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The most common debt collection practices include telephone calls and mail correspondence, especially in the early stages of a creditor’s attempt to recover payment. When less intrusive methods prove unsuccessful, sometimes collection efforts escalate to repossession, foreclosure, or civil legal proceedings. Regardless of the level of financial default, most creditors automatically report missed or late payments to consumer credit reporting agencies, which may tarnish a person’s credit worthiness. Individual debt collection practices may vary, often depending on the amount of money that is owed and the length of time the consumer is in arrears.
When someone is late on a loan or credit card payment, initial stages of debt recovery typically begin with a courtesy phone call from the creditor to remind the individual that the payment is due. Sometimes, a consumer simply forgets to pay a bill and the call is enough to remind him or her to send in the money. In cases where the debtor is unable to make good on his or obligation, payment arrangements are often negotiated to avoid escalation of collection actions.
When a person fails to follow through on a promise to pay, phone calls from the creditor usually become more frequent. Regularly scheduled monthly bills often include late fees. It is also common for a creditor to increase the annual percentage rate (APR) of a loan that is in default. This means that the finance charge increases, and the debtor pays even more money than he or she might have otherwise.
Within a few months of non-payment, more permanent action can be taken, such as the revocation of credit privileges. If the debt was incurred for an automobile loan, there is a good chance that the car will be repossessed. Foreclosure proceedings may begin when a home loan is in default. Many times, when the original creditor believes that the consumer does not intend to pay a debt, and efforts to encourage repayment have failed, the loan account is turned over to a collection agency.
Normally, a collection agency resumes attempts to collect money for their client, by phone and through the mail. Their debt collection practices typically include persuasive techniques to encourage payment. For example, they may offer a settlement, so that the obligation can be fulfilled for a fraction of the actual amount owed. If phone calls are avoided by the consumer, a debt collector often attempts to reach the individual at his or her place of business, and sometimes, at the home of a relative.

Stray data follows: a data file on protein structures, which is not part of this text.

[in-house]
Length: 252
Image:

Debt collection practices may include the filing of a lawsuit in civil court. If the defendant is able to pay the entire amount in full, and does so, the claim will usually be dismissed. Otherwise, it is often acceptable to come up with an agreement of a specific dollar amount the debtor promises to pay each month. If the defendant is not willing to pay anything on the debt, without good cause to dispute it, then the adjudicator will typically order a judgment against the debtor. When that happens, it often leads to wage garnishments, tax liens, or other legal measures to satisfy the debt.
@Terrificli -- Good advice, but it is important to point out that most debt collectors act within the scope of the Fair Debt Collection Practices Act. There are a few that try to skirt around it, but most creditors play by the rules.
Still, some do try to get away with things they shouldn't and debtors do need to know their rights.
If those debt collectors do come after you, make sure you know your rights under the U.S. Fair Debt Collection Practices Act. Even if you do owe money to a creditor, that federal law limits what creditors can and cannot do to collect from you. For example, you have a right to see proof of your debt, collectors cannot call between certain times and they are not allowed to threaten you in any way.
The act can be easily found on the Internet. Grab a copy, study it and make sure you are being treated fairly by debt collectors. You do have rights and you need to know them.
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